Star Wars: Disney Should "Offer" Fans Making of "A New Hope" Series

With Paramount+ releasing the "making of" miniseries The Offer, which focused on the behind-the-scene filming of 1972's The Godfather, I had to wonder why Disney didn't offer a similar treatment in the making of 1977's Star Wars. Sure, they have the Disney+ docuseries that covered the creation and continued influence of Lucasfilms' Industrial Light & Magic called Light & Magic, but I think fans would be interested in seeing others recreating George Lucas himself and everyone else around him that helped make A New Hope from the casting, creation of ILM, Lucas' path to secure financing to 20th Century Fox, merchandising, and the pressures to complete the film.

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Image courtesy of Lucasfilm

There are several elements you can play with, including Lucas' relationship with Harrison Ford, who he previously worked with on America Graffiti (1973), as he helped read for other actors before finalizing on him becoming Han Solo. People can also learn more about Darth Vader actor David Prowse and how he carried himself on set despite never hearing him utter lines in the final product. There are the weather conditions they shot on set in Tunisia and the building of what became Tatooine. Obviously, one thing that probably makes Disney and Lucasfilm reluctant to greenlight such a project is how they would address George's ex-wife Marcia Lucas, who helped edit the original trilogy. Many regarded her as the unsung hero of the franchise helping to create many of its iconic moments. Before we get too ahead of ourselves, the series should just focus on the making of A New Hope because there were so many factors in play, given the uncertainty before its release and unexpected success.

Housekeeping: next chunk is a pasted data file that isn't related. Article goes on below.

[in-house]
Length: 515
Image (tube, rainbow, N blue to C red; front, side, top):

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David Prowse as Darth Vader in Star Wars: The Empire Strikes Back (1980). Peter Mayhew as Chewbacca in Star Wars: A New Hope (1977). Images courtesy of Lucasfilm

The Offer certainly wasn't the first behind-the-scene project about filmmaking. Tim Burton's multi-Oscar-winning Ed Wood (1994) shined a new light on what most regard as the worst filmmaker of all time. This was ironically made by Disney under their Touchstone Pictures banner. The HBO film RKO 281 was a compelling dramatization of Orson Welles' journey to Citizen Kane (1941), regarded critically as the best film of all time. Take a chance, Disney, and let's dramatize the making of Star Wars!

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About Tom Chang

I'm a follower of pop culture from gaming, comics, sci-fi, fantasy, film, and TV for over 30 years. I grew up reading magazines like Starlog, Mad, and Fangoria. As a writer for over 10 years, Star Wars was the first sci-fi franchise I fell in love with. I'm a nerd-of-all-trades.
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